Why is there a space between two particles of a dipole

  • #1
If you consider an electric dipole, why is it that there is any space between the two particles at all? If both particles of opposite sign attract to each other with equal magnitude, shouldn't they just stick together?
 

Answers and Replies

  • #2
Chandra Prayaga
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If you are talking about a macroscopic dipole, you just stick two opposite charges to the ends of a plastic rod and you have a dipole. If you are talking about microscopic dipoles at the molecular level, sch as in a water molecule, The formation of opposite charges is a much more complicated affair. You should look up the the relative affinity to electrons of the oxygen atom and the hydrogen atom.
 
  • #3
If you are talking about a macroscopic dipole, you just stick two opposite charges to the ends of a plastic rod and you have a dipole. If you are talking about microscopic dipoles at the molecular level, sch as in a water molecule, The formation of opposite charges is a much more complicated affair. You should look up the the relative affinity to electrons of the oxygen atom and the hydrogen atom.
I am referring to microscopic dipoles. I know from chemistry what electron affinity is, and that Oxygen has a higher electron affinity than Hydrogen. So, the particles of the dipole would be oxygen and hydrogen respectively? But then we are considering atoms of different elements as particles of our dipole. Is that the case?
 
  • #4
Drakkith
Staff Emeritus
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If you consider an electric dipole, why is it that there is any space between the two particles at all? If both particles of opposite sign attract to each other with equal magnitude, shouldn't they just stick together?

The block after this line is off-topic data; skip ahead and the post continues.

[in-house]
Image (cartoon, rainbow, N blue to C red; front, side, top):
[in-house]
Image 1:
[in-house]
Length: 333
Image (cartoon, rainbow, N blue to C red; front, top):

If separate a proton and an electron and then let them come together under their mutual attraction, you will have a hydrogen atom, which is perfectly neutral and not a dipole anymore.
 
  • #5
If separate a proton and an electron and then let them come together under their mutual attraction, you will have a hydrogen atom, which is perfectly neutral and not a dipole anymore.
This is what I am referring to. How is it possible for dipoles to exist at the microscopic level, without them simply becoming a hydrogen atom?
 
  • #6
Drakkith
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This is what I am referring to. How is it possible for dipoles to exist at the microscopic level, without them simply becoming a hydrogen atom?
I believe Chandra in post #2 touched on that. Molecules behave differently depending on which elements they are composed of. The basic idea is that when two non-identical atoms bond together, their electrons may or may not be shared equally between each other, which can lead to a dipole or higher configuration.
 
  • #7
I believe Chandra in post #2 touched on that. Molecules behave differently depending on which elements they are composed of. The basic idea is that when two non-identical atoms bond together, their electrons may or may not be shared equally between each other, which can lead to a dipole or higher configuration.
Thank you, that makes sense. I was trying to imagine the particles in the dipole as protons and electrons, being the smallest postive and negative charges I could think of. I had to let go of that idea for this to make sense. Thanks again.
 

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